Willis Pride, BFA (jazz studies) 14, who made it to the quarter finals of La Voix 5, loves songwriting as well as singing and music. “The thing I like most about music is composing and writing my own songs,” says Pride. “I write a lot. I’ve been writing songs since high school.”
His bio describes Pride as a singer, piano player, composer and arranger. He counts Stevie Wonder, Oscar Peterson and Earth Wind and Fire among his musical inspirations.
In early 2018, Pride independently released his second EP, Wake Up, and a full-length album is planned for next winter. The six songs on Wake Up were recorded with 13 musicians — including fellow Concordia alumni Chris Lepp-Forest, BFA (jazz studies) 13, on drums, and Dalhi Gonthier, BFA (jazz studies) 12, on saxophone.
“I was going all-in with whatever I wanted to do as an arranger: strings, brass, backup singers, percussions, whatever,” says Pride about this ambitious project.
“My jazz side came out in my single ‘I’m Your Man.’ There’s a minute-long guitar solo. If you want to get played on the radio, you can’t have a minute-long guitar solo,” he admits. “You can if you’re playing live, but these are all things I’m going to adjust for the next one.”
Pride, originally from St. Paschal Baylon, Ont., moved to Montreal to attend Concordia’s Jazz Studies program in the Department of Music. He fondly cites music professor Charles Ellison and part-time instructor Wray Downes as positive influences.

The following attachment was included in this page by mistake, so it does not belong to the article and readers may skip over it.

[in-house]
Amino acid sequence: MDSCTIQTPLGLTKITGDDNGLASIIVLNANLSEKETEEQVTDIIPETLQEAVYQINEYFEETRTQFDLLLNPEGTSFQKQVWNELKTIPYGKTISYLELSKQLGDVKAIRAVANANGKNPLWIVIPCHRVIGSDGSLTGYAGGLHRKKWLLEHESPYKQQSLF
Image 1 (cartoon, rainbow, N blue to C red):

Pride remembers really wanting to make a good impression when he arrived at Concordia in 2009. “I was scared to go to my private lessons because I had a lot of respect for Wray Downes,” he says. “I thought I was really good, and he made me realize I wasn’t as good as I thought!”
The following year, Pride started playing in bands and accompanying other musicians. “I was missing a lot of class,” he says. “I wasn’t a good student. I was pretty much fighting everybody.”
Pride, a piano player, didn’t realize his own vocal abilities until he accompanied his drummer Lepp-Forest at the latter’s scholarship concert — and sang a song. He, too, wanted to be nominated for the Concordia scholarship — the Montreal International Jazz Festival Award— which included a performance at the Montreal Jazz Festival. So Pride buckled down.
“I quit a bunch of the bands and focused on singing and doing well in school,” he says. His work paid off, and Ellison nominated him for the scholarship.
“I did the competition, I got first place and got to play at the jazz fest. It was fun!” Pride says. “I really want to play there again.”
He adds that he gets a kick from “the rush” of performing. “I can really open up and show a different side of myself,” Pride says. “There’s something about sharing your music with a lot of people. Nothing compares to that.”
In addition to helping him get out of his comfort zone, Pride is thankful that his La Voix experience taught him about some non-musical aspects of building a long-term career as a recording artist.
“Being on La Voix made me realize that as assertive as I am, there’s a lot I never thought about in the industry, like image, what I wear, social media,” he says. “So now, in my career, I think about what I want to look like, what I want to sound like, and I just go for that.”